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June 10, 2014
All Articles by: Mr.M. GOVINDARAJAN       View Profile
  • Contents

Arbitration and conciliation has been preferred for the earlier disposal of the commercial disputes in inland as well as international business which reduces time consuming, heavy fees payable before the judicial forum and reduces the elongated procedure involved in civil matters.   In this article various issues relating to arbitration proceedings is discussed with reference to latest judicial decision.

Survival of Agreement Clause   

In ‘Young Archievers V. IMS Learning Resources (P) Limited’ – 2013 (9) TMI 137 - SUPREME COURT the Supreme Court held that if the contract is superseded by another contract, the arbitration clause, being a component part of the earlier contract, falls with it.  Where the parties entered into fresh contract by novation/substitution of the original agreement and there was no provision in the new agreement in respect of any disputes arising under the original agreement nor did it contain arbitration clause to resolve disputes, the new agreement was pure and simple novation of original contract.  Therefore the dispute cannot be referred to arbitration.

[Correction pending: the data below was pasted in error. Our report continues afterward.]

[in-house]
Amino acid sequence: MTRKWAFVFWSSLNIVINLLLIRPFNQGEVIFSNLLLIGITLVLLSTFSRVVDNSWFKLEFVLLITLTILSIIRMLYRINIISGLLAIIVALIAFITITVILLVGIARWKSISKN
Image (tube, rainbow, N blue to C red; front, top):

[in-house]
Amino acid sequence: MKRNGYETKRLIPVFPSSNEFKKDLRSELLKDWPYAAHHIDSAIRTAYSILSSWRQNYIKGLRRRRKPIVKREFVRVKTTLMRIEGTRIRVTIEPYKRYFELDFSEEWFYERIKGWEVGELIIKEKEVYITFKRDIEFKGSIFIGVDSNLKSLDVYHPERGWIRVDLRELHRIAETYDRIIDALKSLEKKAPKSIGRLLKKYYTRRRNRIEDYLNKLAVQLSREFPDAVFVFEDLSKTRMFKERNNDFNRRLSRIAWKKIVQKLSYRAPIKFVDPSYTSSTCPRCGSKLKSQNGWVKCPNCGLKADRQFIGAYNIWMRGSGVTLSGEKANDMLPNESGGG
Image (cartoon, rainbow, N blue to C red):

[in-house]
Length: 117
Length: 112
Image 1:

In ‘Masusmi SA Investment LLC V. Keystone Realtors (P) Limited and others’ – 2012 (11) TMI 607 - BOMBAY HIGH COURT  the High Court that the Company Law Board for referring the parties to arbitration, while allowing the application filed under Section 8 of the Arbitration and Conciliation Act, decided the application exercising power under Section 8 of the Act as a judicial authority and does not exercise any jurisdiction under Section 397/398 of the Companies Act read with Section 402.   Once the judicial authority has referred the matter to arbitration, judicial authority cannot continue the jurisdiction over the subject matter of such proceedings and nothing remains to be decided in the original action once parties have been referred to arbitration.    Since the order passed by the Board under Section 8 of the Arbitration Conciliation Act, 1996 referring the parties to arbitration is not an appealable order under Section 37 of that Act, the appellant cannot invoke Section 10F and appeal filed is liable to be dismissed.